• IRC 212: Generally included in IRC 212 expenses were: (i) investment advisory fees; (ii) subscriptions to investment advisory fees; (iii) qualifying attorney’s fees; (iv) expenses for clerical help and office rent incurred in managing investments; (v) fees incurred to collect interest and dividends; (vi) losses on deposits held in insolvent financial institutions; (vii) service charges on dividend reinvestment plans; and (8) trustee’s fees for an individual retirement account if separately billed and paid. [Treas. Reg. 1.67-IT(a)(1)(ii).]
  • IRC 67(a): This Code section requires that taxpayers further divide their itemized deductions (including most of the deductions for profit-oriented activities) into: (i) miscellaneous itemized deductions; and (ii) all other itemized deductions. Describing this provision differently, IRC 67(b) provides that all itemized deductions other than those specified in that section are treated as miscellaneous itemized deductions.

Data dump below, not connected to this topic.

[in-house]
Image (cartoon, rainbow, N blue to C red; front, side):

• Investment Advisory Fees: Because they are not mentioned in IRC 67(b), investment advisory fees,  along with tax preparation fees and other professional fees, e.g. attorney’s fees,  generally are all considered miscellaneous itemized deductions.
  • Two-Percent Floor: Prior to the Act, a taxpayer’s miscellaneous itemized deductions were allowed as an income tax deduction only to the extent that their aggregate value exceeded 2% of the taxpayer’s AGI. Accordingly, these deductions were added together, then reduced (but not below 0) by 2% of the taxpayer’s AGI. The miscellaneous itemized deductions that were disallowed as a result of the 2% floor were permanently lost and could not be carried over to future tax years.